Hawkeyes' Horner Healthy Again

Iowa guard Jeff Horner suffered through a freshman season filled with aches and pains. He is determined to show fans his capabilities at full speed this upcoming campaign. Read about Horner's recent foot surgery, his offseason workout focus and what he expects from he and his teammates in '03-04.

By the end of last season, Jeff Horner resembled a retiree much more than a freshman point guard.

An ache here. A pain there. The Iowa guard needed a walker on nights when he was logging almost as many minutes as the score keeper.

Sit out? Not a gymrat. Not a coaches son trained to be a team player.

"I was hurt almost all of last year," Horner said. "You couldn't sit out. We only had seven guys."

But Horner feels like he cheated the Hawkeye fans.

"It was really tough to do what you wanted to do," he said. "You had to kind of restrict yourself on some of the moves you could make. It just kind of eats at you inside. You know that you could be doing things a lot better when you're healthier."

On this summer afternoon, Horner smiles with excitement before his Prime Time League game. He envisions showing Iowa followers his capabilities at full-strength.

His energy makes you scratch your head in wonderment. You think, "He had a pretty good first year."

Horner's 140 assists were the most ever by an Iowa freshman. And he became just the eighth Hawkeye to exceed 200 points, 100 rebounds and 100 assists in a season.

Nice numbers, Horner says. But satisfaction also is rarely enjoyed by the gymrat.

"I've been trying to work on getting by my man, not playing with the ball so much," said Horner, who averaged 8.2 points, 4.5 assists and 4.4 rebounds in '02-03.

"I've also worked on changing speeds, which is needed at our level. I've been lifting weights trying to get bigger and stronger."

Though not his best game statistically, Horner showed his make-up in a March 1 game at Indiana. He played despite severely spraining his ankle in a morning shootaround. He left the locker room on crutches.

Horner originally injured his left foot in high school. The mishap at Indiana created severe pain, which the Mason City native withstood for the rest of the season.

"That kind of put it over the top," Horner said. "For the rest of the season, I was kind of playing with one leg. It was tough to get through that."

About two months ago, doctors removed a bone spur from Horner's left foot. That surgery came just less than a year after having a screw placed in his right foot.

Physicians kept Horner off of the court for four weeks following his most recent procedure.

"I'm still getting in shape," Horner said. "I just started playing again (in the PTL), and I'm doing individual workouts now. I'm just starting to get back into it."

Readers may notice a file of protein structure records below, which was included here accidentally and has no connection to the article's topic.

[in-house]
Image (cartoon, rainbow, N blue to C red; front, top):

"Hopefully now my feet are healed and I can start playing. They feel a lot better right now."

The arrival of incoming freshman Mike Henderson means that Horner likely will spend time at the off-guard position this season. The two in-state products are familiar with each other after playing AAU ball together.

"Jeff and me have played in the backcourt since the younger days," said Henderson, a slick-moving point guard from Waterloo East High.

"Being on the floor with him at the college level will be comfortable for me and him. We know each other so well. And we know what each other likes to do. Really, I can't wait for the opportunity to play with him."

Horner shot just 27.7 percent from the 3-point line last year. But he did hit a big trey to help sink Iowa State in the National Invitation Tournament.

It is an area of his game getting a lot of attention this summer.

"I'm trying to make that shot consistent," Horner said. "It's tough your first year of college when you come in and you've got to kind of take over the team. It's tough to know when to shoot.

"It will be a lot different next year. I'll be a lot more comfortable, and I'll know when to shoot the ball."

Horner also believes that experience will provide a solid foundation to a successful sophomore season. Picking up the little details can make a big difference.

"I figured out that it was a lot longer season than high school," the 6-foot-3 guard said. "You have to take care of your body. You've got to get to bed early.

"You can't let anything extra wear and tear on your body."

Iowa's improved depth - five more scholarship players join the team - should decrease some of the pounding.

Horner played 35.4 minutes a game in '02-03.

"Now when you get in those games when you're up by about 20 or 25 (points) with a lot of time left, you're going to be able to put the guys in that you know can hold the lead," Horner said. "It should help everybody stay healthier."

And a healthy Hawkeye bunch could translate into an exciting season.

"I think we're going to be competing for a Big Ten championship," Horner said. "If you think anything less, then you shouldn't be playing. We're going to be right there."

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